via Editorial Comment: Zimra should be merciless with tax evaders | The Herald February 3, 2014
The news that Zimra is investigating the extraordinary salaries earned at some State-linked enterprises to determine if full taxes were charged on everything paid to executives might just send a shiver up some expensive spines.Payments at some firms could have been made in cash or as normal deposits, meaning the taxman never got a penny out of them.
The Zimra investigation should not take long.
Tax for employed people is very simple to assess: if you work for someone you pay tax on just about everything you get from that someone else.
So all Zimra need are the final totals after the auditors have moved in and then make a simple calculation to compare that with what was remitted as tax.
Any gaps then need to be explained.
There could be some interesting double jeopardy.
Every employer is supposed to deduct all tax and send it within days of the end of the month.
Many larger and more organised employers take full responsibility for this so their employees do not have to fill in any forms so long as they have no other source of taxable income.
But an employer who fouls up can be liable, and if that CEO who is supposed to ensure proper taxes are paid is also the one making “mistakes” on his own tax deductions, then either way Zimra wins.
In the United States and some other jurisdictions, tax evaders are jailed automatically.
A similar system would not be usual in Zimbabwe where penalties are assessed.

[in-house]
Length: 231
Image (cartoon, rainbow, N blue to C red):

But if Zimra wants to get heavy, it can take tax evaders to court. And perhaps the time is coming when it should.
In any case, since everything is added together for taxes, the weird system of salary plus allowances is really outdated.
Everyone should have the lot lumped together as salary. The gross and post-tax numbers will be the same and there will be a lot less opportunity to fiddle with figures.
Allowances, once, were tax free as they still are in the civil service. But now everyone outside the service pays tax on them. So there is no need to pile them up.
There is a lot of public anger over the salary scales. If people want to earn big sums they must own their own business, and even then most of their income will be in dividends, taxed at a lower rate, rather than salaries. And dividends depend purely on how successful you are: if you make a mess of things you have no profits, if you make a bundle you take your cut.
The public sector must now be regularised.
The “market rate” for many jobs is easy to find. For example, a confidential inquiry with Cimas will, we are sure, produce a figure for managers that is way below what PSMAS was paying.
It is no use comparing unlike with unlike; State enterprises need to compare like with like.
One way of weaning both public and private sector top managers off guaranteed high salaries could be a super-tax, say on all pay over US$10 000 a month.
Dividend income would be excluded from this extra tax, to encourage those with business acumen to own and run their own business and thus contribute to the economy.